#1
No matter how much I read about it, it doesn't make a difference to me at all. I understand how the intervals are structured, but applying them to a composition still baffles me.

Here is a simple melody from Final Fantasy.
http://www.youtube.com/watch?v=4Jpe9y7FZaw&feature=related
This is simply in D Dorian right?
Wouldn't this mean whatever key you're in, the first note you play in that scale will be 'that' mode?
#2
D dorian is suggesting that C is the tonic.
That doesn't mean it is necessarily, but the chords are probably structured that way.

also, dorian is the scale to use when you're just vamping on a minor chord.
#3
Not all the time. A lot of the time yes, but not always. It's what note the composition centers around. Its the note that the composition wants to end on.
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#4
Quote by Babbs
D dorian is suggesting that C is the tonic.


No, D dorian suggest the tonic is D, hence the name D dorian

Quote by Babbs

also, dorian is the scale to use when you're just vamping on a minor chord.


Depends. Why not aeolian? Or even phrygian?
Last edited by deHufter at Dec 3, 2009,
#5
D dorian is just the second mode of the C major scale. Works well over minor chords, because the second chord of C is D minor (I think that's why it does anyway; feel free to correct me).

Looking at it from a theoretical standpoint, the intervals are completely different from D major; instead of D E F# G A B C# D, it'd D E F G A B C D, so there should be a whole new feel to the scale.
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#6
Quote by jda12
Wouldn't this mean whatever key you're in, the first note you play in that scale will be 'that' mode?


It doesn't matter what the song starts on. Alot of songs will start on a dissonant chord as an anacrusis and then move to the tonic, or do something not even involving the tonic. The key your in is defined by the chords. The tonic is where it resolves (The note it is pulling to), and then the other notes can be viewed relative to that tonic to find if its major or minor (or in the rare circumstance modal).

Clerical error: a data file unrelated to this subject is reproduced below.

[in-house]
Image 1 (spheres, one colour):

Quote by Babbs
D dorian is suggesting that C is the tonic.
That doesn't mean it is necessarily, but the chords are probably structured that way.

also, dorian is the scale to use when you're just vamping on a minor chord.


D Dorian is suggesting that D is the tonic (and Dm the tonic triad), and C is the subtonic. The chords will be structured in such a way that Dm is tonicized rather than C, while still maintaining the natural sixth and flat sixth in the minor key, which would usually resolve to the parallel major (C in this case) were the chords structured differently.

Dorian isn't the scale to use over a minor vamp. Its one of many. Any scale containing a ♭3 and ♮5 is perfectly suitable over a minor vamp.
#7
So with or without a melody starting on the mode tonic, such as D Dorian, you can just start out by using a progression like; Dm/Am/Dm/Am and begin any note for a melody within the C major scale? Sorry, I hope that somewhat makes sence!
#8
Quote by jda12
So with or without a melody starting on the mode tonic, such as D Dorian, you can just start out by using a progression like; Dm/Am/Dm/Am and begin any note for a melody within the C major scale? Sorry, I hope that somewhat makes sence!


Dm - Am - Dm - Am is in A minor.

If you want D Dorian try: Dm - G7 - Dm - G7 - Dm, and then solo over it with the D dorian scale (all the notes will be as if in C major, only since D is your tonic, it will be called D dorian).
#9
But Dm and Am are in a few other keys too. Why do you say it's only A minor?
#10
Quote by jda12
But Dm and Am are in a few other keys too. Why do you say it's only A minor?
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#12
Quote by isaac_bandits
Dm - Am - Dm - Am is in A minor.

If you want D Dorian try: Dm - G7 - Dm - G7 - Dm, and then solo over it with the D dorian scale (all the notes will be as if in C major, only since D is your tonic, it will be called D dorian).


Dm - G7 vamp pretty much screams C major. You're basically taking a ii - V7 - I and extending it with deceptive cadences (to the ii, over and over). That G7 pulls to C like mad. Any time you put a dominant 7th chord in a progression, it's going to want to pull a fifth down. A decent dorian vamp can just be i - ii. So, Dm - Em ad infinitum could work. It contains the tonic chord and the trademark natural 6 (as the 5th of the Em chord) of dorian, without creating any pull at all towards C.